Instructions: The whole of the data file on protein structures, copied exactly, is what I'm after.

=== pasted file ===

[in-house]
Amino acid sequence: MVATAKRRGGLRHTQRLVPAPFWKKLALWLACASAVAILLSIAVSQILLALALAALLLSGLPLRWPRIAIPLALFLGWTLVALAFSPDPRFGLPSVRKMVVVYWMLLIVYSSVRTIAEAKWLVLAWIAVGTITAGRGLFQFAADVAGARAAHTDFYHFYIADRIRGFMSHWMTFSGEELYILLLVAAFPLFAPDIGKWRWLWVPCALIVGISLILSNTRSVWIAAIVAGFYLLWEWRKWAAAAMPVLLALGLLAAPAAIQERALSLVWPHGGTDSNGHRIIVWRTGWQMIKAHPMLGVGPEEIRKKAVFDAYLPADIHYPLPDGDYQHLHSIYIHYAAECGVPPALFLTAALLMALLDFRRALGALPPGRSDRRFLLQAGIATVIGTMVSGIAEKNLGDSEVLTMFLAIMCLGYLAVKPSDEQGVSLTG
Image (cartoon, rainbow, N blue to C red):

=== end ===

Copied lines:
[in-house]
Amino acid sequence: MVATAKRRGGLRHTQRLVPAPFWKKLALWLACASAVAILLSIAVSQILLALALAALLLSGLPLRWPRIAIPLALFLGWTLVALAFSPDPRFGLPSVRKMVVVYWMLLIVYSSVRTIAEAKWLVLAWIAVGTITAGRGLFQFAADVAGARAAHTDFYHFYIADRIRGFMSHWMTFSGEELYILLLVAAFPLFAPDIGKWRWLWVPCALIVGISLILSNTRSVWIAAIVAGFYLLWEWRKWAAAAMPVLLALGLLAAPAAIQERALSLVWPHGGTDSNGHRIIVWRTGWQMIKAHPMLGVGPEEIRKKAVFDAYLPADIHYPLPDGDYQHLHSIYIHYAAECGVPPALFLTAALLMALLDFRRALGALPPGRSDRRFLLQAGIATVIGTMVSGIAEKNLGDSEVLTMFLAIMCLGYLAVKPSDEQGVSLTG
Image (cartoon, rainbow, N blue to C red):